A yet further object of the present invention is to provide an adjustable flexible strap for positioning and maintaining a muffler in fluid communication with the exhaust port of an internal combustion engine.
These and other objects of the present invention will become apparent to those skilled in the art as the description thereof proceeds.
The present invention may be described with greater specificity and clarity with respect to the following drawings, in which:
FIG. 1 illustrates the muffler strapped to the exhaust port of a representative miniature internal combustion engine.
FIG. 2 is a cross-section of the muffler taken along lines 2--2, as shown in FIG. 1.
FIG. 3 is a cross-section of the muffler taken along lines 3--3, as shown in FIG. 2.
FIG. 4 is a top view of a muffler with an attachment strap and illustrating in phantom lines the cavities disposed within the muffler.
Referring to FIG. 1, there is illustrated a representative single cylinder internal combustion engine 1, which engine is of the two cycle type normally used in model airplanes, model cars and model boats. The engine includes a cylinder 2 extending upwardly from crank case 3. Fins 4 are disposed about the upper end of the cylinder to dissipate the heat generated during combustion. A glow plug 6 serves as the ignitor for the periodically compressed combustible mixture. An exhaust stack 5 extends lateral to the cylinder and serves as a short conduit for the exhaust gases flowing through the exhaust port of the cylinder liner (not shown).
Muffler 10 abuts the outlet of exhaust stack 5 and is held in place by straps 12 and 14. One end of strap 12 is attached to a lateral side of muffler 10 by screw 13; the other end extends partially about cylinder 2 and is terminated by an apertured block 15. One end of strap 14 is attached to the opposite lateral side of muffler 10 by a screw 13'; the other end is terminated by a tapped block 16 in proximity to cylinder 2. A machine screw 17 extends through the aperture within block 15 for threaded engagement with tapped block 16 to draw muffler 10 sealingly adjacent exhaust stack 5 and retain it in place.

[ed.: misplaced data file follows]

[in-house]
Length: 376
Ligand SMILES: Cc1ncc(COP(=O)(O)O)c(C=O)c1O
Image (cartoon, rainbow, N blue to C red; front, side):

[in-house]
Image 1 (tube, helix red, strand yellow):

Other muffler attachment means, such as machine screws extending from the crank case or exhaust port into threaded engagement with muffler 10 may also be employed.
In some applications, a pressurized fuel system is employed. A pressure takeoff fitting 11 is threadedly inserted into communication with the interior of muffler 10. Thus, the pressure present within the muffler may be transmitted through fitting 10 and in fluid communication with the fuel system through a length of tubing.
As illustrated in FIGS. 2, 3 and 4, muffler 10 is machined from solid stock. Hence, density discontinuities prevalent with prior art mufflers are obviated. The elimination of density discontinuities tends to eliminate sympathetic vibration within the audible range whereby induced muffler vibration is not responsible for the generation of sound. The elimination of plates or plate like elements within the muffler tends to preclude reverberation or other audible vibration common to flexible planar surfaces. The solid or monolithic structure is capable of presenting sufficient mass to serve effectively as a sound absorber for the range of frequencies of concern. As aluminum is an excellent heat conductor and as it is relatively lightweight, a muffler manufactured therefrom would readily dissipate the heat of the exhaust gases without incurring a substantial weight penalty. However, the manufacturing costs of prior art mufflers from aluminum is prohibitive. In contradistinction, the presently described muffler is readily and inexpensively machined from aluminum bar stock.